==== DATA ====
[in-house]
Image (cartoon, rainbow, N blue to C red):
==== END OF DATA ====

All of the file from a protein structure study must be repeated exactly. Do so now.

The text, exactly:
[in-house]
Image (cartoon, rainbow, N blue to C red):